(b) make their practice permit available for inspection upon request.

Registrants must have a current copy of their practice permit to meet these requirements. The College does not send printed copies of Practice Permits to registrants. Practice Permits can be downloaded from the Registrant Portal.

The ACDH Permit Year is from November 1 to October 31 every year. A new registrant's Practice Permit is valid from the date their application has been approved until October 31. Subsequent Practice Permits are valid from November 1 to October 31.

Dental hygienists are required to apply for a renewed practice permit through ACDH’s renewal process prior to October 31st every year, regardless of when an application was approved.

For example, a registrant whose application was approved on October 1st would still need to apply for renewal prior to October 31st of the same year.

Registrants who do not have a complete and approved Renewal application by October 31 are not able to practice dental hygiene until they have their complete application approved by the College. Practicing dental hygiene in Alberta without a valid practice permit is considered unprofessional conduct and may result in misconduct fine.


Although there is no way to guarantee that you will never have a complaint filed against you, the best way to minimize your risk is to ensure that you are using the highest possible standards of practice at all times. This includes meeting or exceeding practice standards and guidelines, following all applicable treatment protocols, following the Code of Ethics and using the highest standards of client care.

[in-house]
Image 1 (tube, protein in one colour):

Additionally, one of the most important elements in your relationship with your clients is effective communication. Listen carefully so you understand what your clients hope to gain from their treatment. Ensure your clients understand their treatment plan, including the treatment you are proposing, what results can be reasonably expected, potential risks or complications, and the fees that will be charged.

If a client raises a concern, deal with it immediately. A formal complaint may be avoided if the client feels that his or her concern has been dealt with respectfully and honestly. In some cases, however, a formal complaint may still result, so it is prudent to keep careful notes of any concerns that are raised.

Complaints Process